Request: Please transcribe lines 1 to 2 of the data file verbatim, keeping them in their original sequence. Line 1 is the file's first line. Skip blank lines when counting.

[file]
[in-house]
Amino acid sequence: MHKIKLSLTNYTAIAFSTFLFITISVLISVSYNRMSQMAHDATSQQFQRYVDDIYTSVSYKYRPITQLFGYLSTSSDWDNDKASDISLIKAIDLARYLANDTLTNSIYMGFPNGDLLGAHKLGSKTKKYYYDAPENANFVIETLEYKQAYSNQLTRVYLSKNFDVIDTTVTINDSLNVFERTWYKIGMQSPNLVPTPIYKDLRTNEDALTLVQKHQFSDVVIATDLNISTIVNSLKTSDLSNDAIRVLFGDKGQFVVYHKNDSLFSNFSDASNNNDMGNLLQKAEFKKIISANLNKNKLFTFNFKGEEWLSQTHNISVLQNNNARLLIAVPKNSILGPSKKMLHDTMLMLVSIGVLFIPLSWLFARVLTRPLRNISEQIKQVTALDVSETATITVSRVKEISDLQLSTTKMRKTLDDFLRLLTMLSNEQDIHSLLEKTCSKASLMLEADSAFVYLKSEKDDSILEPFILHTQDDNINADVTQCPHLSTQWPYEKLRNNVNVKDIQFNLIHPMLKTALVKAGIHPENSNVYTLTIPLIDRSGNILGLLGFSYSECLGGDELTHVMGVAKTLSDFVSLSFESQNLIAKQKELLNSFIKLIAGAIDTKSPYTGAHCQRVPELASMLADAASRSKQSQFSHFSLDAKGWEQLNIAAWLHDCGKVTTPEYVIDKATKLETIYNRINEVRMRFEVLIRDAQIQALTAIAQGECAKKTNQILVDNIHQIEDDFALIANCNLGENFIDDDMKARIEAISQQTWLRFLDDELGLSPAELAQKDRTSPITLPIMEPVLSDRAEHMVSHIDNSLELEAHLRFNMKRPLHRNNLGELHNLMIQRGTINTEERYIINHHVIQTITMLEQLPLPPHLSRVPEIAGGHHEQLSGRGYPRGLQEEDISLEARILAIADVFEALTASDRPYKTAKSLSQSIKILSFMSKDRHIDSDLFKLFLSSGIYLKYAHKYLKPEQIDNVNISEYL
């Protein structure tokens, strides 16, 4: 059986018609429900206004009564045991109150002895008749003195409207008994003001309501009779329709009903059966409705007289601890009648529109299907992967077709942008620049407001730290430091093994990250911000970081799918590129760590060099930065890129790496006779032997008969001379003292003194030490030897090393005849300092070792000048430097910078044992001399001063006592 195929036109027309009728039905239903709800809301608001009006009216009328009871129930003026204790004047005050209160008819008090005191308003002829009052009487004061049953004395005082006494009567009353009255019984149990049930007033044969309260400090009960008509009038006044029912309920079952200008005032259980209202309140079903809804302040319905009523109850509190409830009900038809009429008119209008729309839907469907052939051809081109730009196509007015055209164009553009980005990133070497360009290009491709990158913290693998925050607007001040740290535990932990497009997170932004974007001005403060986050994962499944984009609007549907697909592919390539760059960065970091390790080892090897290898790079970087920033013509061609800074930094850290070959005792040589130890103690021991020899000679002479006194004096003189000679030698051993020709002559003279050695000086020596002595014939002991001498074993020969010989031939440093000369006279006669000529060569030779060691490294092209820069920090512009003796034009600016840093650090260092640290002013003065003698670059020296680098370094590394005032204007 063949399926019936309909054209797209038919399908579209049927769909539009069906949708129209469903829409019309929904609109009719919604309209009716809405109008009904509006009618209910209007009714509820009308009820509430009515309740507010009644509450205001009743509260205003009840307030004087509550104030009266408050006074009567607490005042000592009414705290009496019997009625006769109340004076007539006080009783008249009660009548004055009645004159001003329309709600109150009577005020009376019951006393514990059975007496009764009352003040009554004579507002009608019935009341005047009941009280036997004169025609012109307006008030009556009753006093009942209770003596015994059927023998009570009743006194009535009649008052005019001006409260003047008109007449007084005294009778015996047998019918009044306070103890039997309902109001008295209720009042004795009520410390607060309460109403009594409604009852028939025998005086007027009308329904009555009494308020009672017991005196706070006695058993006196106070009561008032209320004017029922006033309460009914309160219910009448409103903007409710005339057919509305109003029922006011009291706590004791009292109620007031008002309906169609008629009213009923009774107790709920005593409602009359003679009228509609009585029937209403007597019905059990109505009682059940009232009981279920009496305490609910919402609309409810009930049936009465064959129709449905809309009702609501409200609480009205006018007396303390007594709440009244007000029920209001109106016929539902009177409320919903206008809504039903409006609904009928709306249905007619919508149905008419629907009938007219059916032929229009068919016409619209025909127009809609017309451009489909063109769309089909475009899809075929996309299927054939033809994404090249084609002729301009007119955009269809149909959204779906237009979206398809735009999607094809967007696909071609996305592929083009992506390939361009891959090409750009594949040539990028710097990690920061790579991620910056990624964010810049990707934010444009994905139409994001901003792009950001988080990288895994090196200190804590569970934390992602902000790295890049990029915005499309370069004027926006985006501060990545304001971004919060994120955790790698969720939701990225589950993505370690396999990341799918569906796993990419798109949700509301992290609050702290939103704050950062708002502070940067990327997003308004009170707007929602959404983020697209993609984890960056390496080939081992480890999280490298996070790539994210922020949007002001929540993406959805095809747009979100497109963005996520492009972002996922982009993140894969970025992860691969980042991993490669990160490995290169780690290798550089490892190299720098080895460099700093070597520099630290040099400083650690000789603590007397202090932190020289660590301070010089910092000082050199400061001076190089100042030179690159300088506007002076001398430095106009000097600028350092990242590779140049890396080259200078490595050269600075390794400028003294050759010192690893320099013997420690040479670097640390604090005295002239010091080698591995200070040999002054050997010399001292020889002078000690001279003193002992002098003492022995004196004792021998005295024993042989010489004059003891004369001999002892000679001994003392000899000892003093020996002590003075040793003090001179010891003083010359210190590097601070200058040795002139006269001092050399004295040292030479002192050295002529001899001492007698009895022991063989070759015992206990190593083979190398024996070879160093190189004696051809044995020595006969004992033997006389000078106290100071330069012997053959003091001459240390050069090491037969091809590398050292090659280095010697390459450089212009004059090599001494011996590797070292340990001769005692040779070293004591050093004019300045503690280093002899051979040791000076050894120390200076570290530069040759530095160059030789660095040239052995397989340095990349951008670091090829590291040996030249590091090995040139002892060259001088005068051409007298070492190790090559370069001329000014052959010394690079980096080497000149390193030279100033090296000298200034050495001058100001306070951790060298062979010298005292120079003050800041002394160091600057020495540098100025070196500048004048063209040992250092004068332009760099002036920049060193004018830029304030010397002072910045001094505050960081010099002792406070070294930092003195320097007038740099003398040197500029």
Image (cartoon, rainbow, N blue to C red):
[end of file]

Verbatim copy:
[in-house]
Amino acid sequence: MHKIKLSLTNYTAIAFSTFLFITISVLISVSYNRMSQMAHDATSQQFQRYVDDIYTSVSYKYRPITQLFGYLSTSSDWDNDKASDISLIKAIDLARYLANDTLTNSIYMGFPNGDLLGAHKLGSKTKKYYYDAPENANFVIETLEYKQAYSNQLTRVYLSKNFDVIDTTVTINDSLNVFERTWYKIGMQSPNLVPTPIYKDLRTNEDALTLVQKHQFSDVVIATDLNISTIVNSLKTSDLSNDAIRVLFGDKGQFVVYHKNDSLFSNFSDASNNNDMGNLLQKAEFKKIISANLNKNKLFTFNFKGEEWLSQTHNISVLQNNNARLLIAVPKNSILGPSKKMLHDTMLMLVSIGVLFIPLSWLFARVLTRPLRNISEQIKQVTALDVSETATITVSRVKEISDLQLSTTKMRKTLDDFLRLLTMLSNEQDIHSLLEKTCSKASLMLEADSAFVYLKSEKDDSILEPFILHTQDDNINADVTQCPHLSTQWPYEKLRNNVNVKDIQFNLIHPMLKTALVKAGIHPENSNVYTLTIPLIDRSGNILGLLGFSYSECLGGDELTHVMGVAKTLSDFVSLSFESQNLIAKQKELLNSFIKLIAGAIDTKSPYTGAHCQRVPELASMLADAASRSKQSQFSHFSLDAKGWEQLNIAAWLHDCGKVTTPEYVIDKATKLETIYNRINEVRMRFEVLIRDAQIQALTAIAQGECAKKTNQILVDNIHQIEDDFALIANCNLGENFIDDDMKARIEAISQQTWLRFLDDELGLSPAELAQKDRTSPITLPIMEPVLSDRAEHMVSHIDNSLELEAHLRFNMKRPLHRNNLGELHNLMIQRGTINTEERYIINHHVIQTITMLEQLPLPPHLSRVPEIAGGHHEQLSGRGYPRGLQEEDISLEARILAIADVFEALTASDRPYKTAKSLSQSIKILSFMSKDRHIDSDLFKLFLSSGIYLKYAHKYLKPEQIDNVNISEYL